According to Chris Rock, during his time on the show, he wished that he was on In Living Color (1990) instead, which had a predominately African-American cast. After three seasons, he left to join In Living Color as a recurring cast member. The show was cancelled at the end of that season.

Contrary to popular belief, Steve Martin was never a cast member. He has hosted the show 15 times and done occasional surprise appearances.

Studio 8H, where this show is broadcast, is not connected to the GE Building (NBC Studios) at Rockefeller Center, but is suspended by wires from the next floor. Arturo Toscanini, director of the NBC Orchestra, performed on radio from studio 8H, and didn't want vibrations from the subway to disturb his radio broadcasts.

The series was originally commissioned to have just six episodes.

According to Jane Curtin, John Belushi did not believe that women were funny. He would sabotage sketches by female writers by not performing them to his full capacity.

While most of the musical performances on the show are live, a few were lip-synced, and several were taped in advance. The first lip-sync was ABBA on November 15, 1975. The first advance performance was Carly Simon on May 8, 1976, because she was nervous about singing in front of a live audience. On the October 23, 2004 episode, Ashlee Simpson revealed that she was lip-syncing during her second performance, when the same vocal track for her first performance was accidentally replayed. An embarrassed Simpson walked off the stage, and the show quickly cut to commercial.

Three sets of brothers have been cast members: John Belushi and Jim Belushi, Dan Aykroyd and Peter Aykroyd, and Bill Murray and Brian Doyle-Murray.

Street performer Charlie Barnett was cast for the 1980-1981 season. Eddie Murphy replaced him after Barnett was found to be illiterate.

Mike Myers based the character "Dieter" on a student he met in art school. The real Dieter would often say things like "I once had a course where we had to touch tapioca, styrofoam, and monkeys. Michael, perhaps we can go to the zoo and touch monkeys." This inspired Myers' character constantly saying, "Would you like to touch my monkey?"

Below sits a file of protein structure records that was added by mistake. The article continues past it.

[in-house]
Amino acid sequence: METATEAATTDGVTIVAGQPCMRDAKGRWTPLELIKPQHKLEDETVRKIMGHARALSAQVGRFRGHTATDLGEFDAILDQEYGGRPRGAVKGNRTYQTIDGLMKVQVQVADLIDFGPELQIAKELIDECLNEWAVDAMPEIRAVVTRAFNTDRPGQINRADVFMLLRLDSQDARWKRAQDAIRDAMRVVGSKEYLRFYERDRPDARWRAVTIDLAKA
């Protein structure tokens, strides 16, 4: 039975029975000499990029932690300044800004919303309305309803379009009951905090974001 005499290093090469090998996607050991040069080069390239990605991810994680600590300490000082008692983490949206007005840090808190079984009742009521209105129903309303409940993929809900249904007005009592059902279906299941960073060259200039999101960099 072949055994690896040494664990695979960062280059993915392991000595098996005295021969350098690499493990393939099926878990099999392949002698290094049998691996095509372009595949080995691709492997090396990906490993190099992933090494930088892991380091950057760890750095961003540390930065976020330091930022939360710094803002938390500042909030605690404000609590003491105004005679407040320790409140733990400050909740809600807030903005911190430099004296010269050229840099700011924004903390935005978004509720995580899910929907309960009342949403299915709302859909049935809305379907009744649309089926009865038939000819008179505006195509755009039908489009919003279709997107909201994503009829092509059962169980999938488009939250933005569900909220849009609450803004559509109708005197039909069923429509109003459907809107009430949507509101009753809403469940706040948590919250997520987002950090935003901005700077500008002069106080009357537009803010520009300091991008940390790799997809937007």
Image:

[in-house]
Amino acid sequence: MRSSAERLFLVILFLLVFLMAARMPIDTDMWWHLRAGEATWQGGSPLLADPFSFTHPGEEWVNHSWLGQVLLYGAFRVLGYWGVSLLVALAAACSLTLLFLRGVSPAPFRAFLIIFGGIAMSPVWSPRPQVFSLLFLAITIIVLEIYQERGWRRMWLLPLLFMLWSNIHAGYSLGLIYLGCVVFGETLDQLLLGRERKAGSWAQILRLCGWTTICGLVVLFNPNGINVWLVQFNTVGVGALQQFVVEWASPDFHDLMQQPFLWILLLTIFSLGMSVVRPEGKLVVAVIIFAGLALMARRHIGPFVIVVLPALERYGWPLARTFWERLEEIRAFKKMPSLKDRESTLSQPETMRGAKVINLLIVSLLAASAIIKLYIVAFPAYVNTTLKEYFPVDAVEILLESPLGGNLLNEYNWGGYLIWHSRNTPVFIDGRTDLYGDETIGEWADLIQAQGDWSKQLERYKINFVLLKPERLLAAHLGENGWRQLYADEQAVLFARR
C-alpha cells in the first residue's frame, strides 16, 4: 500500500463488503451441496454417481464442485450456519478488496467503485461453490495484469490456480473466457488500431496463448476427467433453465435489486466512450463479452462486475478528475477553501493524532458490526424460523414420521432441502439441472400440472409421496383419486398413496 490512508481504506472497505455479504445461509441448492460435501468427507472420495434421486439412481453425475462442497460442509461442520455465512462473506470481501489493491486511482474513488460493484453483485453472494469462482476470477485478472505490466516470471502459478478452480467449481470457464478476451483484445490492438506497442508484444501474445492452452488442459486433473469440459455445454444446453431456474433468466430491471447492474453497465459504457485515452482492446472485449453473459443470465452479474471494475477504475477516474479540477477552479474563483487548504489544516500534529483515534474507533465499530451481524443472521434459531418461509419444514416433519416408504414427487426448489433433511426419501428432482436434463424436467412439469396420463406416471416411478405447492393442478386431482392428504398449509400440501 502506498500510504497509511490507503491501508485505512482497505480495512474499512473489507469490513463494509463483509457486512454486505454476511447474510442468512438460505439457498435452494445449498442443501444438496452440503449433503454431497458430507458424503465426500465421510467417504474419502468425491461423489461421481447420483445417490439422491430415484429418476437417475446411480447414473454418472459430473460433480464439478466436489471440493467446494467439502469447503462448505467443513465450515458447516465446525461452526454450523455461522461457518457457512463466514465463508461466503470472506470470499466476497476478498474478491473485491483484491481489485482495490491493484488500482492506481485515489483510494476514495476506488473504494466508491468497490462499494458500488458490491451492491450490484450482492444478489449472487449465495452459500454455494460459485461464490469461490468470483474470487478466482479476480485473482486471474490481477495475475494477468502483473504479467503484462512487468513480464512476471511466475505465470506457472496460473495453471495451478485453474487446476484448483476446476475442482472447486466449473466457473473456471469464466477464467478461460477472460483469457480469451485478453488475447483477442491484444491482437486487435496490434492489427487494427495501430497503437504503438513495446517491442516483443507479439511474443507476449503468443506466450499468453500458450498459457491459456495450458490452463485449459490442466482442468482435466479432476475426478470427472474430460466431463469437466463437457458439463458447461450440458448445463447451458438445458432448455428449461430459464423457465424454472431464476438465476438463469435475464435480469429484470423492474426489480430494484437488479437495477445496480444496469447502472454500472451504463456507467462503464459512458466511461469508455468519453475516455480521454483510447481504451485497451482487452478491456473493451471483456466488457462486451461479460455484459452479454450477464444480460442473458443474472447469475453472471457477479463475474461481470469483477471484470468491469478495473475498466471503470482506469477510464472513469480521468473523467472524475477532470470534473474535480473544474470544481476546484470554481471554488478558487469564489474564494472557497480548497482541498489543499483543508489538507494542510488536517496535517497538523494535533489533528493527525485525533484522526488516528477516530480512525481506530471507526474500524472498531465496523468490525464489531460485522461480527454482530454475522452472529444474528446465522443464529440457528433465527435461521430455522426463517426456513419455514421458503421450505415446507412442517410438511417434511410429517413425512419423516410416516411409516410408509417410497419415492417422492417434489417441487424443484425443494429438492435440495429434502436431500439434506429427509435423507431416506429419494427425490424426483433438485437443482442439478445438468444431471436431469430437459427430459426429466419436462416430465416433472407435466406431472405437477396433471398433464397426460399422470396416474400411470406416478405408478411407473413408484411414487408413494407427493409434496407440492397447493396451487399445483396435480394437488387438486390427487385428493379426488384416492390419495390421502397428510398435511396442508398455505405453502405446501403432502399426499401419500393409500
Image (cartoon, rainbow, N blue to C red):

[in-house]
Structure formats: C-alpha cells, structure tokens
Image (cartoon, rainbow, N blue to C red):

Kel Mitchell auditioned for a spot in the cast. He was beaten out by his former Kenan & Kel (1996) co-star, Kenan Thompson.

Don Pardo announced his retirement twice, in 2004 and in 2009. Both times, he was convinced to return. He would fly to New York City every week from his house in Arizona. In 2010, Pardo was allowed to record his intros from his home, and have them sent to New York City. Pardo remained with the show until shortly before his death, on August 18, 2014, at the age of 96.

The following people are members of the Five-Timers Club: Alec Baldwin (17 times), Steve Martin (15 times), John Goodman (13 times), Buck Henry (ten times), Chevy Chase (nine times), Tom Hanks (nine times), Christopher Walken (seven times), Elliott Gould (six times), Danny DeVito (six times), Drew Barrymore (six times), Candice Bergen (five times), Bill Murray (five times), Justin Timberlake (five times), Ben Affleck (five times), Tina Fey (six times), Scarlett Johansson (five times), Melissa McCarthy (five times), Dwayne Johnson (five times) and Jonah Hill (five times).

Louis C.K. auditioned for the 1993-1994 season. He was not cast, but James Downey recommended C.K. to Robert Smigel, who was the head writer of a new show, Late Night with Conan O'Brien (1993). C.K. was hired as a staff writer for that show.

All of the main cast members of Friends (1994), except Matt LeBlanc, hosted the show.

In 2001, Will Ferrell became the highest-paid cast member in the show's history. He was paid $350,000 for the 2001-2002 season.

According to Larry David, he stormed into Executive Producer Dick Ebersol's office, and angrily quit the show. When David realized how much money he would be losing, he decided to return to the show and pretend that nothing happened. Ebersol never confronted him about it, and David stayed for the rest of the season. David used this experience as the basis for Seinfeld: The Revenge (1991).

According to Bill Hader, he was recommended to Lorne Michaels by Megan Mullally, who saw him perform with his improvisation group, "Animals from the Future". Mullally was there to support her brother-in-law, Matt Offerman, and was impressed by Hader.

Darrell Hammond holds the records for the number of seasons as a cast member (14, 1995-2009), until Kenan Thompson. oldest cast member (53 in his final season), and the number of times saying "Live from New York, it's Saturday night!" (70). Hammond continued to make guest appearances in the 2009-2010 season, and on Saturday Night Live: Weekend Update Summer Edition (2008).

As of 2012, the only female former cast members to return to the show as hosts have been Julia Louis-Dreyfus (May 13, 2006 and March 17, 2007), Molly Shannon (May 12, 2007), Tina Fey (February 23, 2008, April 10, 2010, and May 7, 2011), Amy Poehler (September 25, 2010), and Maya Rudolph (February 18, 2012).